Last weekend I went to see the new movie, “Wonder.”
It portrays the first school year of a boy with Treacher Collins Syndrome, described by the National Institute of Health as “a condition that affects the development of bones and other tissues of the face.”
The boy in the movie was homeschooled until cosmetic surgeries had reduced but not eliminated the deformation of his face, after which he entered a middle school. The movie depicts the tribulations he endures until those around him discover the real person under his deformity and their own decency.
The screenplay is based on a novel which, in turn, is reportedly based on the experiences of 13-year-old Nathaniel Newman, now a resident of Reno.
At the end of the movie, the boy as narrator quotes an old saying as something like, “Be kind because everyone is fighting a hard battle.”
Many years ago, in the days of mimeograph machines, I volunteered to type, from handwritten notes written by a church official, the mimeograph stencil for the monthly bulletin of my church in Reno. I did it for a year or two. At least one of them bore this saying at the top: “Be kind. Nearly everyone you meet is fighting a hard battle.” It was attributed to T.H. Thompson. It was the first time I encountered this quotation.
I didn’t know who T.H. Thompson was, and still don’t (there have been a lot of them in history, from vicars to physicians), but according to the internet there are many people who still attribute this saying to him/her.
But over the years I encountered the quotation several times, not always in the mouth of Mr. or Ms. Thompson. It was variously attributed to Maimonides, Ian MacLaren, Philo of Alexandria, Plato, and John Watson.
Watson, like Thompson, is unidentified, as there have been numerous prominent John Watsons in history (and in fiction, for that matter). But John Watson was the real name of the above-mentioned Ian MacLaren, who was a Scot and church figure who published his sermons under his real name and other books under his MacLaren pen name.
Anyway, the state of affairs of this one quotation being attributed to miscellaneous people went along for decades until recently when things were cleared up a good deal. In the process, we learned that not only did the movie misquote the saying, but so does nearly everyone else.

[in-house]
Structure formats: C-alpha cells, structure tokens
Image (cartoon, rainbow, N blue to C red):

The way I learned it on my church bulletin was incorrect.
There is a website called the Quote Investigator, written by Garson O’Toole. In 2010, he dealt with this quote, but his writing is somewhat confusing. He seems to say he did not do the actual research, which was done by a Fred Shapiro, but the link provided does not lead to a discussion of this quote, so I’m not sure which of them to credit. At any rate, this is what O’Toole/Garson found:
The oldest known version of the quote was rendered as “Be pitiful, for every man is fighting a hard battle.” It appeared that way attributed to MacLaren in the 1890s and in a book by Watson in 1903. Many of the T.H. Thompson citations of the quote appear in this older version.
Language evolves. In those days, “pitiful” and “kind” meant pretty much the same thing. Today, having pity for someone and being pitiful are not the same thing. So we humans seem to have worked over Watson’s original saying and reworded it in a way that works for us.
At any rate, it is a saying well worth saving.
In a day and age when our leaders do their best to bring out the worst in us, when pitting us against each other works for journalists and commercial advertisers, when swagger and bluster are revered and intellect and decency disdained, and when good people are exploited and the callous are admired, when pain is ignored and celebrity keeps us distracted, a saying reminding us that kindness has practical use is well worth preserving.
Dennis Myers is an award-winning journalist who has reported on Nevada’s capital, government and politics for several decades. He has also served as Nevada’s chief deputy secretary of state.